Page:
I’m very thankful to God for the men that mentored and taught me to be a personal trainer, and some of the men I had the privilege to work with in the gym. For the men who told me that they prefer strong women, because it means they’re healthy (and have similar interests to them). For the men who encourage women to start lifting weights, and to aim for strong, not skinny. I’m thankful for the women I’ve known who prize muscle growth, strength, power, and athletic performance over being little, pretty, and skinny. The women who’ve taught other women not to be oppressed in their health and wellbeing by those numbers on the scale, but to exercise for strength and health. Because, even though it’s been a little while since I’ve had the joy of working with these people, the confidence they built in me and the lessons they taught me were just little things to help me be the woman I am today… the woman who can look down at the scales and for a second be disappointed. But then who can shake her head, grin, and curse society’s stupid beauty standards for women. And then who can flex in the mirror just for good measure, and walk out of the bathroom with her head held high.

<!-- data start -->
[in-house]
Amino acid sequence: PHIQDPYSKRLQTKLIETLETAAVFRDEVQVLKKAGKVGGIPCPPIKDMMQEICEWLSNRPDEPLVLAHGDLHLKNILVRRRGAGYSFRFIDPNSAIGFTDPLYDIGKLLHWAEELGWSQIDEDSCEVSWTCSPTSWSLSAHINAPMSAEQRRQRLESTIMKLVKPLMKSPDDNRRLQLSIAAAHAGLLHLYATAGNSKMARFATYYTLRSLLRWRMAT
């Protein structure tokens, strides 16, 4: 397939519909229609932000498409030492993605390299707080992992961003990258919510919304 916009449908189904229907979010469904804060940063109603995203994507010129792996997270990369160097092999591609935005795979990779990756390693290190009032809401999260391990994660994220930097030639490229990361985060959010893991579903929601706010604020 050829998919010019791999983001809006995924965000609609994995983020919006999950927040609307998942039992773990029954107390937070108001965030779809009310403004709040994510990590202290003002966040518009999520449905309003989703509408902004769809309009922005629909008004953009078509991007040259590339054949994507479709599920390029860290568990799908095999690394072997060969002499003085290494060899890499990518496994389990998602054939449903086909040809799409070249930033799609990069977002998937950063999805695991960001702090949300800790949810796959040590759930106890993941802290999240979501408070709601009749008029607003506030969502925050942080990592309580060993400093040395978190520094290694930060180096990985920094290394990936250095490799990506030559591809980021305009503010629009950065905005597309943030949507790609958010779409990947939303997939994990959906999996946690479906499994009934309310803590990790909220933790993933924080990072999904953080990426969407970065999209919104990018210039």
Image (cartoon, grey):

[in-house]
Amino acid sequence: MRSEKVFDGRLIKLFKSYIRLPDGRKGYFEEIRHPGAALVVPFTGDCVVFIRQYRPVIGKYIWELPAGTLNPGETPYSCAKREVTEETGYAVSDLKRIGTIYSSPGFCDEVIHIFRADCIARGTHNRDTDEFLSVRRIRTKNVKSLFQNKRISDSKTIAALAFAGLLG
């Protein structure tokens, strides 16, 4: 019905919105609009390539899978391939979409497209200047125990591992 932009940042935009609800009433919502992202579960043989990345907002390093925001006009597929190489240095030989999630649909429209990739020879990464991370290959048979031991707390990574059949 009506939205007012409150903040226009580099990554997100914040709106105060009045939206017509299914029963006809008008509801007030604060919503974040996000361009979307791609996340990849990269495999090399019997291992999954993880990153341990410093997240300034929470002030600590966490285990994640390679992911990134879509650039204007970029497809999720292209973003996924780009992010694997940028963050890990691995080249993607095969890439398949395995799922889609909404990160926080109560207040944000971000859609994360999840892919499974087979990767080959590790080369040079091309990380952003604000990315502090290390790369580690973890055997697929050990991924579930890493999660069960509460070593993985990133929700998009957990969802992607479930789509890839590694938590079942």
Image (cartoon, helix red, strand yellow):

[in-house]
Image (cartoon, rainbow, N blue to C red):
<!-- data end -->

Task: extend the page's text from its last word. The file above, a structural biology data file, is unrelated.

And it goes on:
Ladies (and men, too), I’m not saying that weight is altogether irrelevant. If you’re medically overweight, underweight, or obese, your weight and BMI might be appropriate ways to measure health and progress for a little while. But for a lot of us, and especially those who are within a healthy/average weight range, we don’t need to let our happiness and confidence be negatively affected by those scales. How ridiculous it is for them to have that kind of power over us!
No, I’d much rather be strong, not skinny. I lost that idea for a little while, and I might have to remind myself from time to time. Maybe we might have to keep reminding each other. #strongnotskinny